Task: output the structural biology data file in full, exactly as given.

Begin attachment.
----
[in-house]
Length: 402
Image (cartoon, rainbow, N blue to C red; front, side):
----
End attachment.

[in-house]
Length: 402
Image (cartoon, rainbow, N blue to C red; front, side):